Wayne to get grants that may lead to 225 jobs
By News-Argus Staff
Published in News on September 29, 2004 2:00 PM
Wayne County and Mount Olive have received preliminary approval for a combined $750,000 in grants to help attract jobs.
The N.C. Rural Economic Development Center is prepared to give the county $500,000 for water and sewer lines if a company, which economic officials declined to name, chooses Goldsboro for a new plant that would employ 200 people.
Joanna Thompson, president of the Wayne County Economic Development Commission, confirmed this morning that Goldsboro is a finalist for the plant. But she noted that there are two other contenders in North Carolina and three finalists elsewhere.
"The competition will be very tough," she said. A decision is expected within two months.
The Rural Center has also approved a $250,000 grant to the town of Mount Olive to assist with Mount Olive College's recently announced expansion. The grant would help pay for a sewer line behind the college, between Henderson Street and Bert Martin Road, and a sewage lift station.
The college recently announced plans to add a new academic building, a communications center and a wellness center. The new lines will primarily serve that area.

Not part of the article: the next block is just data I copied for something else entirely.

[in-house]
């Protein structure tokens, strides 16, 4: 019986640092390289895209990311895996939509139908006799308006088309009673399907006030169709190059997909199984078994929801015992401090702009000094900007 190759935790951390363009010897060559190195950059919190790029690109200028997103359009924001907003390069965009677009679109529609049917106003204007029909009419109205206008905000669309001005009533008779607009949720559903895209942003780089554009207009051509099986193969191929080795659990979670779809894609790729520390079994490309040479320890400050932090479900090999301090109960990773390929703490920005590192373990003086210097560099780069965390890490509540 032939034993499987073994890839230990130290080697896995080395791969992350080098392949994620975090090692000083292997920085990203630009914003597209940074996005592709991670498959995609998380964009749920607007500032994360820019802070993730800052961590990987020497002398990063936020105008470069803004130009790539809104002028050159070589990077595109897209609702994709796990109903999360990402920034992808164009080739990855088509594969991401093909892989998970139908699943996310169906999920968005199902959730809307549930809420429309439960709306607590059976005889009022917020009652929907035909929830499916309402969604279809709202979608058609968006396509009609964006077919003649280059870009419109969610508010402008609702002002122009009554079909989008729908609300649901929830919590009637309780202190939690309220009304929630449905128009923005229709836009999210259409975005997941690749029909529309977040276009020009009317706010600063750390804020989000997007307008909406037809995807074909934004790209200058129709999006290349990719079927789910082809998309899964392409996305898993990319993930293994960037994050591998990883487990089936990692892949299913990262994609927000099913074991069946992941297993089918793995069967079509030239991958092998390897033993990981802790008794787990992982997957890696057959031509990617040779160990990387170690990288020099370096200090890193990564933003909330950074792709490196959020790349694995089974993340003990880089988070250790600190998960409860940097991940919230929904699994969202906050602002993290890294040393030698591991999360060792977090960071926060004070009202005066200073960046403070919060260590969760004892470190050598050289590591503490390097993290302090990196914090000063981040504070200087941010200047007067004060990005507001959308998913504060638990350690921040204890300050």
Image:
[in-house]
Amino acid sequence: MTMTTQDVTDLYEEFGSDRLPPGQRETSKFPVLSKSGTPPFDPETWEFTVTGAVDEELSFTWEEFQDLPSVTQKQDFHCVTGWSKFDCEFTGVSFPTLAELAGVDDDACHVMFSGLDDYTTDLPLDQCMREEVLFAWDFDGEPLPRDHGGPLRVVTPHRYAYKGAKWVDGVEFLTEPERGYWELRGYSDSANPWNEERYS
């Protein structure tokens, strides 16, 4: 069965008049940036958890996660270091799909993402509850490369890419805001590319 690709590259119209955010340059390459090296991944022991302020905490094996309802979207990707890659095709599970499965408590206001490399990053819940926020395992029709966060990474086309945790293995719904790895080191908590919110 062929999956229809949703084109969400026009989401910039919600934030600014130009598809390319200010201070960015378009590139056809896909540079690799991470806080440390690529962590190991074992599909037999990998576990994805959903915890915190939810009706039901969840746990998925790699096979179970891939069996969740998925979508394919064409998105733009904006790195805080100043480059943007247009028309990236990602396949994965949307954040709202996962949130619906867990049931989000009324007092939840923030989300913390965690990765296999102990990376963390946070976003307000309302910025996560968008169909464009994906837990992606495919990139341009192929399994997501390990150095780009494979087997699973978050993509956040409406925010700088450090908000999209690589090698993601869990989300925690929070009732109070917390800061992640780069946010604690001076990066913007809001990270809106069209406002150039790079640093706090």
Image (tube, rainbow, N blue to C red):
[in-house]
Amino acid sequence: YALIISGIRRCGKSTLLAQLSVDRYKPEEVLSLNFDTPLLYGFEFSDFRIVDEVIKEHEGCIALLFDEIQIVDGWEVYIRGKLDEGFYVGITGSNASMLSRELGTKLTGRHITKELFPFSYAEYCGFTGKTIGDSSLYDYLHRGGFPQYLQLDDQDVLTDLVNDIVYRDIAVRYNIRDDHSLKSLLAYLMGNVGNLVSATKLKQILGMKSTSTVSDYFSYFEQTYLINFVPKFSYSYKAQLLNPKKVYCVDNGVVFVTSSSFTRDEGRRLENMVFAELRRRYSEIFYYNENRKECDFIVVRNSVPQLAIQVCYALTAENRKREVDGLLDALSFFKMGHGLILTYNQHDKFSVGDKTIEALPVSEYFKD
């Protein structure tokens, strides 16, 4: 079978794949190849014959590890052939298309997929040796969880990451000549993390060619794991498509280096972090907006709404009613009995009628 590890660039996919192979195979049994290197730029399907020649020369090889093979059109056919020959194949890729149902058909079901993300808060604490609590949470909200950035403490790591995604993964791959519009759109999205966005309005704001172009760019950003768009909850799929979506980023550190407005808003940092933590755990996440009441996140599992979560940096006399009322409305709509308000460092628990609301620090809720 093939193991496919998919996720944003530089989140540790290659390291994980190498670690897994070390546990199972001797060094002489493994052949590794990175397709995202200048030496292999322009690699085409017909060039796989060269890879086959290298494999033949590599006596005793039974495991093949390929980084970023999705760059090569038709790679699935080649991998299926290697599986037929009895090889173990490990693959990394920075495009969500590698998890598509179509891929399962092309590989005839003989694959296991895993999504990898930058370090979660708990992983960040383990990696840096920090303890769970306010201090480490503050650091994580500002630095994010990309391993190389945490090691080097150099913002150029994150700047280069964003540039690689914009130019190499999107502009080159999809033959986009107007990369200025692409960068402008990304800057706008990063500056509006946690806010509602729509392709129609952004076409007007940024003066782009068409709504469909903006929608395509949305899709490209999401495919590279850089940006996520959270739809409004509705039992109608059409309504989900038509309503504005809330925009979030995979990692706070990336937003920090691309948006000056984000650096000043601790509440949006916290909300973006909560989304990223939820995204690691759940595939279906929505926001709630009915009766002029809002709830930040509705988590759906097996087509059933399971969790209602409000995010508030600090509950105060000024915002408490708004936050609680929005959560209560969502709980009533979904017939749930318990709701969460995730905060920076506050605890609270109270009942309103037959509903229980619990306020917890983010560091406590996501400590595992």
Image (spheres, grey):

The college expects to add up to 25 employees as a result of the expansion.
The N.C. Rural Center plans a formal announcement Thursday of more than $20 million in grants, but local legislators received early notification of projects within their districts.
N.C. Rep. Louis Pate said, "I think we should all be delighted that the county and local governments are seeking to expand their economic development opportunities. Infrastructure is key to attracting business."
Both the county and town must now complete full applications and submit them by Oct. 29. The grants are also conditional that the jobs must be created.
In July, the N.C. General Assembly created the North Carolina Economic Infrastructure Fund, a $20 million initiative to stimulate business growth and job creation. The Rural Center was directed to administer the funds with the goal of creating 130 new businesses and 1,500 new jobs.
Local governments and organizations could apply through three funds.
An infrastructure program will award $14 million for water and sewer upgrades and $1 million for four business and technology centers in rural areas.
A second fund includes $3 million for the renovation of vacant buildings in small towns, with priority given to towns with a population of less than 5,000 in economically distressed areas.
The third fund was $2 million for major research and demonstration projects.
Applicants had to show a direct tie between grants and job creation.
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